The baseball players' union told commissioner Bud Selig (search) on Monday that it was willing to talk to him about his call for harsher steroids penalties.

"We will look forward to discussing the points you raised," union head Donald Fehr (search) said in a letter to Selig.

Last week, Selig wrote to Fehr, asking players to agree to even tougher penalties than the ones that took effect at the start of the season. Selig now wants a 50-game suspension for first-time steroid offenders, a 100-game ban for a second offense and a lifetime suspension for a third violation.

Earlier in the day, Minnesota Twins reliever Juan Rincon (search) was suspended for 10 days after testing positive for a performance-enhancing substance. He was the fifth player banned under the Major League Baseball policy, and the most well-known.

Under current rules, the first offense draws a 10-day suspension. The penalties increase to 30 days for a second positive test, 60 days for a third violation and one year for a fourth. The penalty for a fifth failure is at the commissioner's discretion.

Along with stiffening the penalties under his "three strikes and you are out approach," Selig also wants the union to ban amphetamines, to increase random tests and to pick an independent person to handle the big league drug-testing program.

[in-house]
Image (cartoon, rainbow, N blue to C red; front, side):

Fehr noted in his letter that the union agreed in January to tougher penalties and said the program was working, adding, "You now request that we further modify our agreement."

"Given the players' demonstrated commitment to make certain that the goals of our program are met, and their desire to continue to strive to make sure that is done, we are willing to discuss the matter with you," he wrote.

Fehr suggested that the sides "negotiate at the table, and not in the media."

"Accordingly, I will not here otherwise respond to your letter," Fehr wrote. "We will look forward to discussing the points you raised, and other appropriate matters."

Players agreed in the offseason to reopen the drug agreement, which was set to run through December 2006.

Along with Rincon, four other players have been suspended for 10 days: Tampa Bay outfielder Alex Sanchez, Colorado outfielder Jorge Piedra, Texas minor league pitcher Agustin Montero and Seattle minor league outfielder Jamal Strong.

Baseball does not have any penalties for amphetamine use by players on 40-man major league rosters. Amphetamines, however, are banned for players with minor league contracts.